Here are some good links about photo dissociation.  http://www.windows.ucar.edu/tour/link=/physical_science/chemistry/photodissoc_h2o.html&edu=high

http://spiff.rit.edu/classes/phys301/lectures/spec_lines/Atoms_Nav.swf

Mike

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Re: Stan Meyer's hydrogen fracturing process using Lasers
« Reply #20 on: August 14, 2008, 03:41:54 am »
Mike,

I'm not sure if it will help or not, but here's a pulsing circuit that has adjustable frequency and also has sequential outputs.
http://www.ionizationx.com/index.php/topic,342.0.html
Maybe you could customize it to pulse your lasers (LED's) sequentially.  ???

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Re: Stan Meyer's hydrogen fracturing process using Lasers
« Reply #21 on: August 14, 2008, 14:10:22 pm »
Mike,

I'm not sure if it will help or not, but here's a pulsing circuit that has adjustable frequency and also has sequential outputs.
http://www.ionizationx.com/index.php/topic,342.0.html
Maybe you could customize it to pulse your lasers (LED's) sequentially.  ???

Thanks,Tommy I may use that.  Present testing is with a pulse generator, but it can't do a pulse train on its own without an external trigger so this would help.

I think sequentially turning on the LEDs is what Meyers was doing also.  I believe he said that in one of the videos.
 
Mike

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Re: Stan Meyer's hydrogen fracturing process using Lasers
« Reply #22 on: February 03, 2011, 03:25:42 am »
while googling IR and h20, came the words:

water vapour absorption window (926.0969.7 nm)

maybe thats why stan chose IR led's?

on an italian forum, i read:

 "Pulsed potential impacts on the polarized, aligned water molecules not only extend electronsphere ITS, ITS raising quantum state, But Also Affect the photoelectron yield of the water, in effect rendering it more susceptible to photodissociation Than it is in a normal ground state.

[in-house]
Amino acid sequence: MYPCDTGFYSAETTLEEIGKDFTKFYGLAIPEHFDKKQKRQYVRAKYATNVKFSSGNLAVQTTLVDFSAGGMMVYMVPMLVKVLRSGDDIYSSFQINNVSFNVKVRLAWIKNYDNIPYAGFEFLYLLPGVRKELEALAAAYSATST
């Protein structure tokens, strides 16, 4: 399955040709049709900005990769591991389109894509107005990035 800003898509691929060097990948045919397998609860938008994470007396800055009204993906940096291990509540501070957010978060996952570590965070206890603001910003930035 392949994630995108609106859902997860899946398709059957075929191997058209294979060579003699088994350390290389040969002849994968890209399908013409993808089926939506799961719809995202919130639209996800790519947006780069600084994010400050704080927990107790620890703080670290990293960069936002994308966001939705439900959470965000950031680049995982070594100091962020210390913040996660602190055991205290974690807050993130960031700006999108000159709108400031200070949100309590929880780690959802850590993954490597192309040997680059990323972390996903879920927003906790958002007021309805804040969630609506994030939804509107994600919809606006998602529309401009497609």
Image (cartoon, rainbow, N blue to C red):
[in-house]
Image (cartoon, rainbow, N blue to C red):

With photon emission occuring from Oxygen upon liberation, the quantum efficiency of photolysis becomes greater than one, with each dissociated water molecule triggering the dissociation of others.
The peak absorption point of this photosensitivity is Believed to be in the Infrared, around 900nm, Which does not correspond with That of normal water, Which Is in the UV portion of the spectrum."



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Re: Stan Meyer's hydrogen fracturing process using Lasers
« Reply #23 on: February 03, 2011, 08:46:26 am »
I also read in some papers that the absorption of water at 1,7um is the maximum. Laser energy is vibrational energy. This frequency induces a vibration in the molecule. Depending on the frequency you have a kind of movement of the atoms. I will try to find here the link. It have much to do with the water blue color and bands of absorption.

If i could buy some lasers i would go for all those fundamental vibration modes. But there are many combination of vibrational modes too. I think tha the symmetrical stretch is the one.


http://www.btinternet.com/~martin.chaplin/vibrat.html

http://chemistry.ncssm.edu/watervibCS.pdf


http://www.atmos.albany.edu/daes/atmclasses/atm422/vib1.htm